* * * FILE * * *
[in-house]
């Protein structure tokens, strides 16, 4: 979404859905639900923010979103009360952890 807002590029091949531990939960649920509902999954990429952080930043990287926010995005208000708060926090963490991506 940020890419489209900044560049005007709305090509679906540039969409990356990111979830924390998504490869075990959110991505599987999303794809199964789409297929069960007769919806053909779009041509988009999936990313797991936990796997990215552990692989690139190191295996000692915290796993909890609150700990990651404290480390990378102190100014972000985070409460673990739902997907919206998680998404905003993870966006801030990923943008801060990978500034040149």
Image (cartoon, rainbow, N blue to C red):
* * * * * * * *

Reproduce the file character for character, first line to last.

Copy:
[in-house]
């Protein structure tokens, strides 16, 4: 979404859905639900923010979103009360952890 807002590029091949531990939960649920509902999954990429952080930043990287926010995005208000708060926090963490991506 940020890419489209900044560049005007709305090509679906540039969409990356990111979830924390998504490869075990959110991505599987999303794809199964789409297929069960007769919806053909779009041509988009999936990313797991936990796997990215552990692989690139190191295996000692915290796993909890609150700990990651404290480390990378102190100014972000985070409460673990739902997907919206998680998404905003993870966006801030990923943008801060990978500034040149």
Image (cartoon, rainbow, N blue to C red):